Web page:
Traditional Milling Machine

The Milling Machine is a machine tool for machining complex metal parts or other material workpieces. It is often called Mill, but this word refers only to cutting tools to be used (whose shape remembers the French “fraise”). The original class of Milling Machines include the Boring-Milling Machine to process Boring thanks to a controlled movement and stability of the boring head.

Milling is a cutting process that uses a milling cutter to remove material from the surface of a workpiece. The milling cutter is a rotary cutting tool, often with multiple cutting points. As opposed to drilling, where the tool is advanced along its rotation axis, the cutter in milling is usually moved perpendicular to its axis so that cutting occurs on the circumference of the cutter.

Mill orientation is the primary classification for milling machines:

  • The X-Y table is moved while the spindle itself moves parallel to its own Z-axis.
  • The table is at a fixed elevation and the spindle moves to the three  axis.

The first of these classifications according to method of control, size, purpose and power source is used for small dimensioned machines, the latter for 3 or more axis machines, known as Machining Centers.

“Numerical control” (NC) is the automation of machine tools that are operated by precisely programmed commands encoded on a storage medium, as opposed to controlled manually via hand wheels or levers, or mechanically automated via cams alone. Most NC today is “CNC”  (computer numerical control) , in which computers play an integral part of the control.

Modern CNC Mills differ little in concept from the original model. Mills typically consist of a table that moves in the X and Y axes, and a tool spindle that moves in the Z (depth). The position of the tool is driven by motors through a series of step-down gears in order to provide highly accurate movements. On commercial metalworking machines closed loop controls are standard and required in order to provide the accuracy, speed, and repeatability demanded.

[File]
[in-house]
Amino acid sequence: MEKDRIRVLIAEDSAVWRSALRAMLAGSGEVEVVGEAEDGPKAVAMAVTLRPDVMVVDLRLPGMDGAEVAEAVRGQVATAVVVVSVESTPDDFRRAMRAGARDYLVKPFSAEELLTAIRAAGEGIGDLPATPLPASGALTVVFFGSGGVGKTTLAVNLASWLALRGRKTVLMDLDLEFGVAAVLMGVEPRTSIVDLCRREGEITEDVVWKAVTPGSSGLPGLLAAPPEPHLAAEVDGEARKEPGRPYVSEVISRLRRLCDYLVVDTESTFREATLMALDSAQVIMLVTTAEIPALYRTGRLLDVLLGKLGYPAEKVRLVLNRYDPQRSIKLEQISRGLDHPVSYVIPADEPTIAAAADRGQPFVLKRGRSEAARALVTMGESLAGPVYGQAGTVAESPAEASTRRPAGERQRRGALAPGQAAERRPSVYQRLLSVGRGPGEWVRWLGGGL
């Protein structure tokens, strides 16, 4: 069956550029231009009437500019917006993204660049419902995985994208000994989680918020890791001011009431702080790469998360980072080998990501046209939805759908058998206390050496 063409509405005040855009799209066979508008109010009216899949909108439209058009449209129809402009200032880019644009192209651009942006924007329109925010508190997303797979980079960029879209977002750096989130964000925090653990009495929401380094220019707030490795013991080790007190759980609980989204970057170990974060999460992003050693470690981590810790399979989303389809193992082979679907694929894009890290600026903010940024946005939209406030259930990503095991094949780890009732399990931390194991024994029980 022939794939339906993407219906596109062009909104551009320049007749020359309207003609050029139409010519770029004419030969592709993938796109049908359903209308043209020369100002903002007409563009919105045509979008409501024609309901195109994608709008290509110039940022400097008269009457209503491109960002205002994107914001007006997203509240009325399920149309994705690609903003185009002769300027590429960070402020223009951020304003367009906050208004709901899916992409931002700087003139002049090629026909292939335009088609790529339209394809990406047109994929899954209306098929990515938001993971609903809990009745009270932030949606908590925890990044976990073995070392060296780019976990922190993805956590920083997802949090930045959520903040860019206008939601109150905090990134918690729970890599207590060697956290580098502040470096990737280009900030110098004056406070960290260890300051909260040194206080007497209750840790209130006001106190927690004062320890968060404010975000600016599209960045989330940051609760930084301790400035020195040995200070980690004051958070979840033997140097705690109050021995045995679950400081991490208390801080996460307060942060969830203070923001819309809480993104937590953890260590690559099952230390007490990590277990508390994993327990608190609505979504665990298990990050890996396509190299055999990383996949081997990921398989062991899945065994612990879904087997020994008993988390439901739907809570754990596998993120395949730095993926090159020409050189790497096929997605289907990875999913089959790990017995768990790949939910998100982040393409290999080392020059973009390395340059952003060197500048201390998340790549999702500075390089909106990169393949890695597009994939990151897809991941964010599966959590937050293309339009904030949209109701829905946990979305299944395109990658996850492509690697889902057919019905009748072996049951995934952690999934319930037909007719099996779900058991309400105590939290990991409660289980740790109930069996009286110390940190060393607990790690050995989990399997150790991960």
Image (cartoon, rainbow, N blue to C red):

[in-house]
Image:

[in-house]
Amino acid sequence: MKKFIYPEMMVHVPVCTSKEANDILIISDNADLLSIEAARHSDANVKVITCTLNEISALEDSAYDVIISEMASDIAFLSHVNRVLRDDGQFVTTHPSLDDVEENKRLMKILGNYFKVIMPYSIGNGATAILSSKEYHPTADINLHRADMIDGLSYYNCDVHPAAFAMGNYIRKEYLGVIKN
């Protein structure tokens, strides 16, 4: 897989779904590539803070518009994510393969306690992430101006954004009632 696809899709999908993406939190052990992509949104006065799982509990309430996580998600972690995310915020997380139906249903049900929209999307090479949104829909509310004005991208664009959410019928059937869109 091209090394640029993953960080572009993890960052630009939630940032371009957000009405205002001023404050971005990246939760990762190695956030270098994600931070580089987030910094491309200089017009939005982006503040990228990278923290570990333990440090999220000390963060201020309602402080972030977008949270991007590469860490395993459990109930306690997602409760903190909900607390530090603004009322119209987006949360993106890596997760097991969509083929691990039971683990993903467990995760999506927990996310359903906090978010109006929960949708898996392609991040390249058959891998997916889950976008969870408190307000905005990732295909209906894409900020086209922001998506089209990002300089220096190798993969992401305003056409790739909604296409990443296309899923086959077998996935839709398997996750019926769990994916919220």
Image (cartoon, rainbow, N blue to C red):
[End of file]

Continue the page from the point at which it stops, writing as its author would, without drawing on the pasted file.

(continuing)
CNC-like systems are now used for any process that can be described as a series of movements and operations. These include laser cutting, welding, boring, drilling.

Milling Machines are solid structured machines due to the fact these are subject to vibrations of the spindle. In order to insure that the machine runs properly  its high speed and maintains its accuracy, regular lubrication is required for the moving parts of the column, the knee and head, the spindle drive. Lubriifcation is used to capture chemical powders and chips in order to prevent the the cutting edge and tools’ consumption.

There are two types of Milling Machines:

  • Vertical: In the Vertical Mill the spindle z-axis is vertically oriented. Milling cutters are held in the spindle and rotate on its axis (three-dimensional rotation). The spindle can generally be extended or the x-y  table can be raised/lowered, giving the same effect, allowing plunge cuts and drilling.
  • Horizontal: A Horizontal Mill has the same sort of x–y table, but the cutters are mounted on a horizontal arbor across the table. Many horizontal mills also feature a built-in rotary table that allows milling at various angles. Because the cutters have good support from the arbor and have a larger cross-sectional area than an end mill, quite heavy cuts can be taken enabling rapid material removal rates. These are used to mill grooves and slots. Plain mills are used to shape flat surfaces. Several  expensive cutters may be ganged together on the arbor to mill a complex shape of slots and planes.

The most advanced CNC Milling-Machines, the 4 and Multiaxis Machines add to the class of Milling Machines.

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